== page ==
Ashurnasirpal II and Ninth-Century Assyria
Richard Harrison describes how the foundations of the ‘Second’ Assyrian Empire were firmly laid by a great warrior-king.
The northern mesopotamian kingdom of Assyria dominated the history of the Ancient Near East during the first half of the last millennium B.C. Under a succession of powerful warrior-Kings, the Assyrians created a large empire, founded on military supremacy and control of trade routes, which subsequently earned them the epithet ‘the Romans of the East’.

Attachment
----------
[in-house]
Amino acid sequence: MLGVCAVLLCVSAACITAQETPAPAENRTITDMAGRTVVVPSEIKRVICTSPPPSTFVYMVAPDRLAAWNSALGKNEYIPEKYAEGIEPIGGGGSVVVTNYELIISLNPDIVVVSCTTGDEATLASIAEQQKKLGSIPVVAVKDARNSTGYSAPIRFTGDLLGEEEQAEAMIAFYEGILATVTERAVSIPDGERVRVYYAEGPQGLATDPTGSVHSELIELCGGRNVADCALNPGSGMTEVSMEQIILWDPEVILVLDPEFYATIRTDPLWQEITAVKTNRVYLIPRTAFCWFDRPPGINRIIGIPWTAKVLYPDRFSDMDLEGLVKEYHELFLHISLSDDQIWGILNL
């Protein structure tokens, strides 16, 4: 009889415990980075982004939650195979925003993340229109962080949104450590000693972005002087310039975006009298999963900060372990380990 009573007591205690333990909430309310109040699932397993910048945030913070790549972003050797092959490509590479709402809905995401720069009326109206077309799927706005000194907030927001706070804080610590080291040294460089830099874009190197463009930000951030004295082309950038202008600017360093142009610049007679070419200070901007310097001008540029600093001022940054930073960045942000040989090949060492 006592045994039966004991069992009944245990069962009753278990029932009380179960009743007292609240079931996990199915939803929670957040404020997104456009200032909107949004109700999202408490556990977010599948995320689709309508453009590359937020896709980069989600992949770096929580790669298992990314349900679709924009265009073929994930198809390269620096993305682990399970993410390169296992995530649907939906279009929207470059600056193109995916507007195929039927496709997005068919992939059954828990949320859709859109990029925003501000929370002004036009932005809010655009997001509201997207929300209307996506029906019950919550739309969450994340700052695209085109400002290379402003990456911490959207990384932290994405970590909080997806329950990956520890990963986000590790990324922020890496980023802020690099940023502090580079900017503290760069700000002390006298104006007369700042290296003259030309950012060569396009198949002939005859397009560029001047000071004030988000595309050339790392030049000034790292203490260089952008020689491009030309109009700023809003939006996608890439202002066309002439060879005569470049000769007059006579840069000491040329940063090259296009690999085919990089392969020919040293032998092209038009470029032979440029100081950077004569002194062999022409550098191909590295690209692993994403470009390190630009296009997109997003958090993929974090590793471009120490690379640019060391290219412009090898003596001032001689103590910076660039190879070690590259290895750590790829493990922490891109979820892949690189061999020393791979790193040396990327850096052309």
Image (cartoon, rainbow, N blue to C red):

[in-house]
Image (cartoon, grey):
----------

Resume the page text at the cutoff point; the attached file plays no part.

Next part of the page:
Assyria emerged as one of the leading military powers in Mesopotamia during the thirteenth century, and the reputation of the Assyrian army as a fierce and merciless force became firmly established. Yet despite some important successes, including the capture of the rich prize of Babylon, Assyrian influence remained spasmodic; until the tenth century, its history was a cycle of rise and decline, with brief periods of ascendancy and expansion alternating with years of stagnation.